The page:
Luis Suarez scored a wonderful scissor kick against Levante 1 Say what you want about Luis Suarez, but there can be no arguing that he is a fantastic footballer.The Uruguayan broke Liverpool hearts in the summer by pursuing a move to Barcelona and while he has endured a slow start to life in Catalonia, he’s certainly finding his rhythm now, as this goal attests to.Undoubtedly his finest strike for Barca to date, Suarez helped himself to a goal with this wonderful scissor kick, as the La Liga giants brushed aside Levante, in a game that also saw Lionel Messi equal another record with his 26th La Liga hat-trick.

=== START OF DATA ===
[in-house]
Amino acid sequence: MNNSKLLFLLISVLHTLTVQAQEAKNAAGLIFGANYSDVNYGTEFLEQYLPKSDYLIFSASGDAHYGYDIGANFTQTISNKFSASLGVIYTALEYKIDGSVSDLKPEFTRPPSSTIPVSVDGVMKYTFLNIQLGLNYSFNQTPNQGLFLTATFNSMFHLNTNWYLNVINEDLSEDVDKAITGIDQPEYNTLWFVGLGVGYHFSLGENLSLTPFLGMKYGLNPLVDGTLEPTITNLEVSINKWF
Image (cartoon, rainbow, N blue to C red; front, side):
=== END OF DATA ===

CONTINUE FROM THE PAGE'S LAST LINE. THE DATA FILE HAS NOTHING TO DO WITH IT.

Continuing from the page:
BAGHDAD, Iraq – Iraq’s president said Saturday that he had been assured that American troops will stay in his country as long as needed, on a day in which at least 14 people were killed in explosions and gunfire nationwide as vehicle restrictions were lifted in Baghdad. A top U.S. general, meanwhile, said he was “very, very pleased” with the response of Iraqi armed forces in containing recent sectarian bloodshed, disputing critics who said too little was done to quell attacks that killed more than 500 people the past week. Gen. John Abizaid, chief of U.S. Central Command, spent two days in Baghdad meeting with top Iraqi leaders after the Feb. 22 bombing of a golden-domed Shiite shrine in Samarra triggered reprisal attacks against Sunnis that pushed the country to the brink of civil war. Iraqi security forces blunted the sectarian killing with an extraordinary daytime curfew in four flashpoint provinces last weekend, followed by a driving ban in Baghdad on Friday. AD Quality Auto 360p 720p 1080p Top articles1/5READ MORECasino Insider: Here’s a look at San Manuel’s new high limit rooms, Asian restaurant But with the ban lifted on Saturday, violence resumed, with a bomb exploding at a bus terminal in southeastern Baghdad, killing seven people and wounding 25. Abizaid said he was “very, very pleased with the reaction of the Iraqi armed forces during the aftermath of the bombing in Samarra.” He warned that more such attacks were likely but added: “We believe that the Iraqi armed forces, in conjunction with the multinational force, can deal with any security problem that may arise.” That was a more upbeat assessment than the one given Thursday by the U.S. commander in Iraq, Gen. George W. Casey, who told reporters that Iraqi police and army units had performed “generally well, not uniformly well.” Casey said the mostly Shiite security forces sometimes gave armed sectarian fighters free rein in Baghdad and Basra, where reprisal attacks against Sunni mosques and clerics took days to contain. U.S. officials have expressed concern about the role of private militias in the violence. But Iraqi Interior Minister Bayan Jabr said Saturday the government was making progress integrating militiamen into its structures. Some are joining the security forces, but most will be given jobs in government departments, while those over age 50 will retire, he said at a news briefing. The question remained whether militiamen would comply and whether the government would get tough on enforcing the integration policy. Sunni Arab politicians accuse militiamen operating within the Interior Ministry ranks of kidnapping and killing their people under the cover of fighting the Sunni-dominated insurgency. Jabr denies the accusations. Early today, Interior Ministry commandos stormed a Sunni mosque in west Baghdad, killing three people – including the mosque imam and his son – in a 25 minute gunbattle, police said. The cause of the clash was not known nor was the name of the Sunni cleric who was killed. U.S. forces blocked off the area after the exchange of fire, which also wounded seven people, said police Lt. Maitham Abdul Rezzaq. The surge of sectarian killing has complicated already tangled negotiations to form a broad-based government after the Dec. 15 parliamentary election, which U.S. officials consider essential to stabilize the country so their troops can start pulling out this summer. Sen. Olympia Snowe, R-Maine, visiting Iraq as part of her duties on the Senate Intelligence Committee, said it was imperative that Iraqi politicians act quickly to get a government in place. “The security vacuum will continue to develop if there isn’t a permanent and strong leadership soon,” Snowe told The Associated Press. CASUALTY UPDATE As of Saturday, March 4, 2006, at least 2,299 members of the U.S. military have died since the beginning of the Iraq war in March 2003, according to an Associated Press count. The figure includes seven military civilians. At least 1,805 died as a result of hostile action, according to the military’s numbers. The AP count is three lower than the Defense Department’s tally, last updated Friday at 10 a.m. EST. The British military has reported 103 deaths; Italy, 27; Ukraine, 18; Poland, 17; Bulgaria, 13; Spain, 11; Slovakia, 3; Denmark, El Salvador, Estonia, Netherlands, Thailand, 2 each; and Hungary, Kazakhstan, Latvia, 1 death each. – Associated Press 160Want local news?Sign up for the Localist and stay informed Something went wrong. Please try again.subscribeCongratulations! You’re all set!